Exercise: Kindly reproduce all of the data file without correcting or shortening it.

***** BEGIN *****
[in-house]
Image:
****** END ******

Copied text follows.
[in-house]
Image: